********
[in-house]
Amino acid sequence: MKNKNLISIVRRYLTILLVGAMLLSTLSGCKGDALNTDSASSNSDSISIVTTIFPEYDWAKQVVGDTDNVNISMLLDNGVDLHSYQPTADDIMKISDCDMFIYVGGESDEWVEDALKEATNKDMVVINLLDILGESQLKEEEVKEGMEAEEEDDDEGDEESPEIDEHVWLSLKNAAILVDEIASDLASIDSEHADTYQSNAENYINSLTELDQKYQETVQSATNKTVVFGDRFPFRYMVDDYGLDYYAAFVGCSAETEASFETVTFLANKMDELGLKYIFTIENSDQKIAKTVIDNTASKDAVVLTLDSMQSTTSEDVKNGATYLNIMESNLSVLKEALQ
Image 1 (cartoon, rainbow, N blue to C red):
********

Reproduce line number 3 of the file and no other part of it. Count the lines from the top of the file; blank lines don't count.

Image 1 (cartoon, rainbow, N blue to C red):